So long Canuck Sea Kings
The Sikorsky S-61, best known as the iconic SH-3 Sea King, first flew on 11 March 1959. Besides its use as the U.S. Navy’s standard SAR and ASW helicopter until it was finally replaced by the SH60/MH-60 (although the Marines of HMX-1 still use it for Marine One duties), at least 15 countries flew the big Sea King. The Royal Navy finally put the bird to pasture in 2015, leaving Canada as one of the last front-line operators.
The Canadians picked up 41 early SH-3s in 1963 as kits assembled by United Aircraft of Canada as their primary ship-borne maritime helicopter and have kept them running for 55 years. The fleet has flown in excess of 550,000 combined hours which at cruising speed of an SH-3 is roughly equivalent to flying 7,200 times around the Earth, or the equivalent of the distance from Earth to Mars.
The Canadian Armed Forces gave a final salute to the type, which they term the CH-124, in a parade held last week at CFB Esquimalt in Victoria, B.C., flown by 443 Squadron, the last operational Sea King unit the country.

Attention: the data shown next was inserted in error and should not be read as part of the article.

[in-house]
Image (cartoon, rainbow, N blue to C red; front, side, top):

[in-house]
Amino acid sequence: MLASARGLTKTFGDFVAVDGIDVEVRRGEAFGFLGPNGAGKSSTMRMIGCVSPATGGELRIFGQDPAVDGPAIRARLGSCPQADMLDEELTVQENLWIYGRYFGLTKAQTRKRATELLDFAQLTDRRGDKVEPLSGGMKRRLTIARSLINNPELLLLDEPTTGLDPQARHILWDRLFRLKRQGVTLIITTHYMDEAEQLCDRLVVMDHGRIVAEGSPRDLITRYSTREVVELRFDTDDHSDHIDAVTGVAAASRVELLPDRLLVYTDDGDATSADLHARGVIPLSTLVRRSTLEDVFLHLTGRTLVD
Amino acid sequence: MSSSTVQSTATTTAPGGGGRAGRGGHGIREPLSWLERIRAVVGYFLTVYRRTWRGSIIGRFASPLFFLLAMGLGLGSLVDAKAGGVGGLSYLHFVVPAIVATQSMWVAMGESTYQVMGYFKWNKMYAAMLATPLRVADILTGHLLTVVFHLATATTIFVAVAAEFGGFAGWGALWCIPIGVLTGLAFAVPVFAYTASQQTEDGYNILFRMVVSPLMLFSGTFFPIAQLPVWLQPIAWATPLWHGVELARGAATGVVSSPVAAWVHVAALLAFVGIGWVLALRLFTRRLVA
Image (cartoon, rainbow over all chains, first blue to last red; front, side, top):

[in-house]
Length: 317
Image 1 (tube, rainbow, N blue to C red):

“The Royal Canadian Navy has been well served by the Sea King – our longest range weapon and sensor – for decades,” said VADM M. F. Ron Lloyd, Commander of the RCN. “It was an honour to fly with the crew of Black Horse, the helicopter deployed with HMCS St. John’s, during the Sea King’s last operational deployment supporting NATO assurance measures this summer. Canada’s Navy and the Royal Canadian Air Force continue to forge ahead with an exciting new chapter, marked by the first operational deployment of Avalanche, the Cyclone helicopter currently deployed on NATO operations with HMCS Ville de Quebec.”
The last overseas deployment for the Sea King came during the first half of 2018 aboard HMCS St. John’s as part of Operation Reassurance.